INTRODUCTION AND HYPOTHESIS: Avulsion of the puborectalis muscle from its bony insertion is common in women presenting with prolapse. We present a simple vaginal technique for levator reconstruction. METHODS: This is a prospective surgical pilot study comprising 17 patients enrolled to undergo levator repair in the context of prolapse surgery. This was performed through a lateral colpotomy at the level of the hymen using a mesh patch for reinforcement. RESULTS: We performed 20 levator repairs in 17 women (three bilateral). There were no intraoperative complications. Recovery was unremarkable in all cases. Results are given for a mean follow-up of 1.3 years. Most (13/17, 76 %) women were satisfied with the outcome. Six patients complained of symptoms of recurrent prolapse, three of de novo dyspareunia, and four of pain related to the repair site on palpation. There were two mesh erosions, one of which healed with oestrogen treatment. Prolapse recurrence beyond the hymen was observed in five patients. The mean hiatal area on Valsalva was reduced from 36.84 cm(2) to 30.71 cm(2) (P = 0.001). CONCLUSIONS: Direct surgical repair of a levator avulsion is feasible at the time of prolapse surgery. However, its effect on prolapse recurrence and hiatal dimensions is relatively disappointing, suggesting that there often is microscopic trauma and functional muscle impairment in addition to the avulsion.
BACKGROUND: In obstructive defecation syndrome (ODS) combinations of morphologic alterations of the pelvic floor and the colorectum are nearly always evident. Laparoscopic resection rectopexy (LRR) aims at restoring physiological function. We present the results of 19 years of experience with this procedure in patients with ODS. METHODS: Between 1993 and 2012, 264 patients underwent LRR for ODS at our department. Perioperative and follow-up data were analyzed. RESULTS: The female/male ratio was 25.4:1, mean age was 61.3 years (±14.3 years), and mean body mass index (BMI) was 25.2 kg/m(2) (±4.2 kg/m(2)). The pathological conditions most frequently found in combination were a sigmoidocele plus a rectocele (n = 79) and a sigmoidocele plus a rectal prolapse or intussusception (n = 69). The conversion rate was 2.3 % (n = 6). The mortality rate was 0.75 % (n = 2), the rate of complications requiring surgical re-intervention was 4.3 % (n = 11), and the rate of minor complications was 19.8 % (n = 51). Follow-up data were available for 161 patients with a mean follow-up of 58.2 months (±47.1 months). Long-term results showed that 79.5 % of patients (n = 128) reported at least an improvement of symptoms. In cases of a sigmoidocele (n = 63 available for follow-up) or a rectal prolapse II°/III° (n = 72 available for follow-up), the improvement rates were 79.4 % (n = 50) and 81.9 % (n = 59), respectively. CONCLUSIONS: LRR is a safe and effective procedure. Our perioperative results and long-term functional outcome strengthen the evidence regarding benefits of LRR in patients with an outlet obstruction. However, careful patient selection is essential.
To explore the effect of menopause and hormone replacement therapy on pelvic organ prolapse and pelvic floor muscle function.
: Doppler guidance in hemorrhoidal surgery has become more frequent during the past decade. The method is mainly studied in nonrandomized trials. Data from randomized controlled trials are lacking.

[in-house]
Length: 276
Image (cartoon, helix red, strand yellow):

To investigate attitudes toward hysterectomy in women seeking care for pelvic organ prolapse.
Long-term treatment outcomes of transvaginal mesh surgery versus anterior-posterior colporrhaphy for pelvic organ prolapse
- The Australian & New Zealand journal of obstetrics & gynaecology
- Published over 4 years ago
In spite of rapid growth in the use of vaginally placed mesh in pelvic reconstructive surgery, there are few reports on the long-term efficacy and safety of mesh-augmented repairs.
Introduction. Longo’s technique (or PPH technique) is well known worldwide. Meta-analysis suggests that the failure due to persistence or recurrence is close to 7.7%. One of the reasons for the recurrence is the treatment of the advanced hemorrhoidal prolapse with a single stapling device, which is not enough to resect the appropriate amount of prolapse. Materials and methods. We describe the application of “Double PPH Technique” (D-PPH) to treat large hemorrhoidal prolapses. We performed a multicentric, prospective, and nonrandomized trial from July 2008 to July 2009, wherein 2 groups of patients with prolapse and hemorrhoids were treated with a single PPH or a D-PPH. Results were compared. The primary outcome was evaluation of safety and efficacy of the D-PPH procedure in selected patients with large hemorrhoidal prolapse. Results. In all, 281 consecutive patients suffering from hemorrhoidal prolapse underwent surgery, of whom 74 were assigned intraoperatively to D-PPH, whereas 207 underwent single PPH. Postoperative complications were 5% in both groups (P = .32), in particular: postoperative major bleeding 3.0% in PPH versus 4.1% D-PPH (P = .59); pain 37.9 % PPH versus 27.3% D-PPH (mean visual analog scale [VAS] = 2.5 vs 2.9, respectively; P = .72); and fecal urgency 2.1% PPH versus 5.7% D-PPH (P = .8). Persistence of hemorrhoidal prolapse at 12-month follow-up was 3.7% in the PPH group versus 5.9% in the D-PPH group (P = .5). Conclusions. Our data support the hypothesis that an accurate intraoperative patient selection for single (PPH) or double (D-PPH) stapled technique will lower in a significant way the incidence of recurrence after Longo’s procedure for hemorrhoidal prolapse.